Distinguishing science from pseudoscience
Posted by Ming Ling on November 15, 2010
Here’s another excellent reminder of the importance of responding to others’ different beliefs gently, in “The 10 Commandments of Helping Students Distinguish Science from Pseudoscience in Psychology“:
Gently challenge students’ beliefs with sympathy and compassion. Students who are emotionally committed to paranormal beliefs will find these beliefs difficult to question, let alone relinquish. Ridiculing these beliefs can produce reactance and reinforce students’ stereotypes of science teachers as closed-minded and dismissive.
Summary of commandments:
- Delineate the features that distinguish science from pseudoscience.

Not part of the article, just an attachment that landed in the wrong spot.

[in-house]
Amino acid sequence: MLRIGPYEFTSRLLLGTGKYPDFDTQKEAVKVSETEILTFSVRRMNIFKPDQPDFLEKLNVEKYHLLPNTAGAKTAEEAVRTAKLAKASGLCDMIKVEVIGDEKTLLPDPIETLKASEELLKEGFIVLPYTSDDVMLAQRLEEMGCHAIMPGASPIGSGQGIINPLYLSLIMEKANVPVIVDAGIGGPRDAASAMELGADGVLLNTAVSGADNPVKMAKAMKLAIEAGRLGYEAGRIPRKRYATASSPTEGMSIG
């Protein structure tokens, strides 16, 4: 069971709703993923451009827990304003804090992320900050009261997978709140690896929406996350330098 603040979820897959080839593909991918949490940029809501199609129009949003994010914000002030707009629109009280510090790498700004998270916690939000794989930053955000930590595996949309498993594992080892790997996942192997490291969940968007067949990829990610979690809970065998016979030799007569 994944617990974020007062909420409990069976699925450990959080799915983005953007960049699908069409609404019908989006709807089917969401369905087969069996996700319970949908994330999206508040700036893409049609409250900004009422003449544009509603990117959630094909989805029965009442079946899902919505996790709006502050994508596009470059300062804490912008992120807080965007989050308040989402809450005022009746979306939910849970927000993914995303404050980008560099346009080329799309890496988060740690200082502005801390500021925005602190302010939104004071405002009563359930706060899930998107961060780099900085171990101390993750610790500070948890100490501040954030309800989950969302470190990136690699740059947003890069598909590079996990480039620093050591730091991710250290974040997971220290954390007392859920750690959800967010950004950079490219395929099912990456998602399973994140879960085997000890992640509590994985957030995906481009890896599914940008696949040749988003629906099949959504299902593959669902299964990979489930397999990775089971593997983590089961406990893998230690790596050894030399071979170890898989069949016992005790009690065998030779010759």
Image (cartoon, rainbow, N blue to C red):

- Distinguish skepticism from cynicism.
- Distinguish methodological skepticism from philosophical skepticism.
- Distinguish pseudoscientific claims from claims that are merely false.
- Distinguish science from scientists.
- Explain the cognitive underpinnings of pseudoscientific beliefs.
- Remember that pseudoscientific beliefs serve important motivational functions.
- Expose students to examples of good science as well as to examples of pseudoscience.
- Be consistent in one’s intellectual standards.
- Distinguish pseudoscientific claims from purely metaphysical religious claims.
I think the implications of these guidelines extend well beyond psychology into the nature of science more generally, and into methods for helping the broader public evaluate the connection between belief and evidence more critically. Guidelines #6 and #7 are especially valuable for describing how to do this respectfully and kindly.